It was only last week, at Yorkshire’s pre-season media day, that David Willey, the 28-year-old left-arm seamer and sometime slayer of a cricket ball, was chirpily saying how much he was looking forward to the new County Championship season, which starts this Friday, and how he was hoping to help his adopted club to win the title.
At that stage, Willey, who freely admits that he originally moved to Yorkshire in 2016 to improve his chances of playing Test cricket (even if that’s now a receding ambition), was due to be available for 12 of Yorkshire’s 14 Championship matches this season. As, indeed, was 33-year-old fellow paceman Liam Plunkett, his county colleague, whose cricket career appeared to be in terminal decline before it was resuscitated by a move to Yorkshire before the 2013 season.
And now? Yorkshire’s early-season plans have been thrown into turmoil after both players accepted late, but highly lucrative, offers to play in the Indian Premier League following injuries to other players (and thereby bringing the number of Englishmen in this season’s IPL to 12). At the shortest of short notice, both Willey and Plunkett will miss five of Yorkshire’s Championship games, which amounts to more than a third of the season’s four-day campaign. Surrey, for their part, have lost Tom Curran to the IPL in identical circumstances, although their predicament has been assuaged somewhat by the signing of Morne Morkel, the South African fast bowler who recently retired from international cricket, on a two-year Kolpak deal. (Kolpaks? Don’t get me started.)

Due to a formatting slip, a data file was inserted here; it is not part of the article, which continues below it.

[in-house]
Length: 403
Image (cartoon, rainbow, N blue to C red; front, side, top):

I feel enormous sympathy for the counties (and especially Yorkshire in this instance), who suddenly find themselves between a rock and a hard place. Legally, of course, the counties don’t have to release players to the IPL, but who wants sulking players moping around the dressing room for a month and more?
Martyn Moxon, Yorkshire’s director of cricket, has unsurprisingly expressed his frustration and unhappiness at the late call-ups for Willey and Plunkett. And his suggestion of introducing a cut-off date, after which no England-qualified player would be permitted to join the IPL, is an eminently sound idea that will hopefully be supported by the ECB.
The greatest loser in all of this, of course, is the County Championship, which is being devalued at an alarming rate by both the exponential rise of Twenty20 and the utterly ridiculous scheduling that means the vast majority of its matches are played in April, May and September.
Twenty20, for better or worse, is here to stay. But the recent events surrounding Willey, Plunkett and Curran should serve as merely the latest warning that first-class cricket is in severe danger of being sacrificed on the altar of naked commercialism.
But does the Championship really have to start in mid-April? Why not schedule the domestic 50-over competition at the beginning of the season, when the IPL is in full, gaudy swing, and then have four-day cricket start towards the end of May?
It may just suit the majority of parties.